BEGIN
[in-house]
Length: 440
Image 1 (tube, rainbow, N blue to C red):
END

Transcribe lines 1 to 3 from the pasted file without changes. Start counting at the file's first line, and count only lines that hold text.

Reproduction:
[in-house]
Length: 440
Image 1 (tube, rainbow, N blue to C red):